“Murder is often a sin that extends even beyond the victim’s life span.” ie Abel’s blood but also that of all his never-to-be-born descendants.

“One who has murdered and wishes to maximize his atonement , must, therefore, fill his life with a large stream of acts of kindness and, if possible, with acts that save lives.”

“Changing one’s first name…. he wants to start over as a new person”

“Atoning for an evil act committed by someone under your command.”

“In short, repentance always helps. Even if it doesn’t bring absolution.”

Question 1: Does this relate to Post-Traumatic stress disorder?

Question 2: If there are no humans who can forgive acts committed at war, do the PTSD soldiers need G-d’s forgiveness?

Rosh Hashana and Yom Kippur

“During the High Holiday season, Jews undergo a kind of ‘spiritual checkup’. Prayer, fasting, and introspection are meant to be catalysts to aid one in evaluating the state one’s spiritual (and moral) health. This process is called teshuva, repentance.”

“Because the following exercises are painful, many people may try to find excuses to avoid doing it. … Start with the sentence, “What I regret having done in the last year is…”

Question: Should we regret actions or plans that just did not work? Did they hurt   someone? Perhaps they were our fault for miscalculating their difficulty etc.

“Another difficult act, but one that will help cleanse our soul. We should make peace with someone with whom we have had a falling-out, particularly if the person is a family member.”

Question: Can the peace be structured so that we never see these people again?

“Also there is something hypocritical about coming to synagogue on the High Holidays and beseeching God to look upon us favourably and treat us with mercy and forgiveness, if we are unwilling to act that way toward others.”

Question 1: Is G-d’s  justice based on  tit for tat?

Question 2:  What standard of justice do we require for ourselves?

“The Jewish tradition of a holiday devoted to seeking forgiveness and granting it is one I believe we should try to influence our non-Jewish neighbours to adopt …  perhaps a … National Apology Day.”

Question: What about an “Acting righteously and responsibly day” instead. - ie a day to turn our memorial and apology days into something more positive.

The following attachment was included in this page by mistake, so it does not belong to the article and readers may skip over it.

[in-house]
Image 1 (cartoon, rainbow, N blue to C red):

“Jewish tradition encourages us to act with particular piety, kindness and generosity during the …ten Days of repentance, the period of time starting with Rosh Hashanah , and concluding with Yom Kippur.”

“Rabbi David Woznica speculates that the demands made of Jews during the {ten days} have less to do with impressing G-d than with teaching people how good they can be.”

“But if we ask people  -including ourselves- to act this way for just ten days, many will make an effort. In the process, we will not only do much good, but we will also learn that we can be much better people than we thought possible. And such a realization can bring about an improvement in our behaviour that will last well beyond the ten days.”

A final thought

“I suggest that we also focus on the good things we do, and the good things we can do, Hence the following - title “ For the Mitzvah We Performed - is suggested reading for the Yom Kippur service, which can be read in a round by a congregation or recited and studied individually.” (note by JU: It is a list of 40 items so I am not copying it here.)

Question: Do we think in this way, or do we concentrate on our own existences into the next year and preparations for the break-fast  and the related activities.

Life is too short - Apologize

“Chaos is where things are so complex you can't handle it, and order is where things are so rigid that it's too restrictive. In between that there's a place, a place that's meaningful. Where you're partly stabilized and partly curious and you’re operating in a manner that increases your scope of knowledge, yet at the same time your stabilizing and renewing you, your family, society, nature, now, next week, next month, and next year.”


Religion is instead about proper behaviour. It’s what Plato called ‘the Good’. A genuine religious acolyte isn’t trying to formulate accurate ideas about the objective nature of the world (although he may be trying to do that too).  He is striving, instead, to be a ‘good person”. It may be the case that to him “good” means nothing but “obedient’ - even blindly obedient. Hence the classic liberal Western enlightenment objection to religious belief: obedience is not enough. But it’s at least a start (and we have forgotten this): You cannot aim yourself at anything if you are completely undisciplined and untutored.You will not know what to target, and you won’t fly straight, even if you somehow get your aim right. And then you will conclude, “There is nothing to aim for”. And then you will be lost.